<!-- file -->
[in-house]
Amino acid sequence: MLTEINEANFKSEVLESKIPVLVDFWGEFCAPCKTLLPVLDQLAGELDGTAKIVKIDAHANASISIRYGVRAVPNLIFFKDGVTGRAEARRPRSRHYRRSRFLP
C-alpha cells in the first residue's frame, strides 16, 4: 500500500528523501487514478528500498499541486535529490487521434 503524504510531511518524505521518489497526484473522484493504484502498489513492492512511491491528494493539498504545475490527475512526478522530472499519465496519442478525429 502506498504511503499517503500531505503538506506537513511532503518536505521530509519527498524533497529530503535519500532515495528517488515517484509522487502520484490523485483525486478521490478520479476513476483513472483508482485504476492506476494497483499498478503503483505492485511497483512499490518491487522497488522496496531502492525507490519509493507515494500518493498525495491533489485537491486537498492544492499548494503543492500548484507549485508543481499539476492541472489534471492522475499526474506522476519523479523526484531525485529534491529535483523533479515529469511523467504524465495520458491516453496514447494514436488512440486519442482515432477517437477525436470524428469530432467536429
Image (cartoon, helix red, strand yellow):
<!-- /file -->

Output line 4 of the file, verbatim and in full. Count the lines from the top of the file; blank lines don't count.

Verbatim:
Image (cartoon, helix red, strand yellow):